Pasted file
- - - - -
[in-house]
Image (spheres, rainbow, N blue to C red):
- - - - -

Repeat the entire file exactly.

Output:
[in-house]
Image (spheres, rainbow, N blue to C red):